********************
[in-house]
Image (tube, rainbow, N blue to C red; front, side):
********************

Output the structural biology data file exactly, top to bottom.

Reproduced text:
[in-house]
Image (tube, rainbow, N blue to C red; front, side):